The Structure of the Acoustic Guitar
How a guitar makes sound

Guitars consist of two sections: the neck and the body. Strings are run from the neck to the body. When a string is plucked its vibration is transmitted from the bridge, resonating throughout the top of the guitar. It is also transmitted to the side and back of the instrument, resonating through the air in the body, finally producing sound from the sound hole.

Acoustic guitar parts

The entire display
  • Head
  • Tuning keys/pegs
  • Neck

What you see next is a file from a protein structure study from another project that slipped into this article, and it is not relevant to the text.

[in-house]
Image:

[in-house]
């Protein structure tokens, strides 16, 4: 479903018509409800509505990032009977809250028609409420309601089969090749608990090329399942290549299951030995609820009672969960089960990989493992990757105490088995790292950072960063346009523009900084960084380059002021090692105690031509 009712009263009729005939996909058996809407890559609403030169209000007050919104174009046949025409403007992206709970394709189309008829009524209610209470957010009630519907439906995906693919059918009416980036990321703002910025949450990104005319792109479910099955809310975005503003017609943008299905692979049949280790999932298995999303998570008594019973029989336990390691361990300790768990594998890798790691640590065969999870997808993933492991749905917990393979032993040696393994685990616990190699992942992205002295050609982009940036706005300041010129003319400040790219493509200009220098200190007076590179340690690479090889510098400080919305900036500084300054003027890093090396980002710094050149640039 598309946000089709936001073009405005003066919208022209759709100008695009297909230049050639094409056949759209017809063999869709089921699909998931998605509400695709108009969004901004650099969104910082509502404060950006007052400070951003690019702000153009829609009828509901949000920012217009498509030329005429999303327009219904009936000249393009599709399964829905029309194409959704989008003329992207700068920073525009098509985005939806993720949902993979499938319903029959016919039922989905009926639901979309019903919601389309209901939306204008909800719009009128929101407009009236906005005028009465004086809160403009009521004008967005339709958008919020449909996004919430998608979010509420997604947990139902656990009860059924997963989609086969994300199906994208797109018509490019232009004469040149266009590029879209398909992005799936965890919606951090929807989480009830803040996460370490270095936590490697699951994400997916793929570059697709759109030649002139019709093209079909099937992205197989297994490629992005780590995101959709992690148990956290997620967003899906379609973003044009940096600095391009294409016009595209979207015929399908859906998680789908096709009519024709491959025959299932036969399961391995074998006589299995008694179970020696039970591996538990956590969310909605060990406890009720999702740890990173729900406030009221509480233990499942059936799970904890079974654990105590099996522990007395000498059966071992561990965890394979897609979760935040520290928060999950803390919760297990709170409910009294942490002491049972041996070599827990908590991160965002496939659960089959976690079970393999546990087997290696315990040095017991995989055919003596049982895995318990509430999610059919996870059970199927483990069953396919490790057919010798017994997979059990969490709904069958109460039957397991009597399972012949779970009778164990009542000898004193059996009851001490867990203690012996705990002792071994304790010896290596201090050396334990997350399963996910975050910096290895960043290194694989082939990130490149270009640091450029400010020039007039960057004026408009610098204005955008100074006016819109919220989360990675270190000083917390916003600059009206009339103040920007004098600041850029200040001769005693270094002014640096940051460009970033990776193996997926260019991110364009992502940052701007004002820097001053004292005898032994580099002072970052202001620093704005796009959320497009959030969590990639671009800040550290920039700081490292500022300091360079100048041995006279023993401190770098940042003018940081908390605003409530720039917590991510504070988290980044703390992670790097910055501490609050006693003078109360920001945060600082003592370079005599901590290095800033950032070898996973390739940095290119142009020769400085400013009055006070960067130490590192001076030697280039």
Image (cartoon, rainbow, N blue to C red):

• Nut
  • Fingerboard
  • Strings
  • Position markers
  • Frets
  • Body
  • Sound hole
  • Pick guard
  • Bridge
  • Saddle
  • Bridge pins
  • Strap button
  • Top
  • Back
  • Side

*Select any name to zoom in on the part.

The top of the guitar, also called the soundboard, plays a crucial role in producing sound. It is made from wood that is lighter and offers even better sound transmission than that used in the sides or back of the instrument. Although some players put stickers or other decorations on the top, doing so is not recommended as it can cause the sound to suffer. You may wonder, then, why there is a pick guard installed on the top. Actually, this is sort of a necessary evil, as it prevents the pick from striking the top and scratching it.

Picks used for steel strings

Picks used for steel strings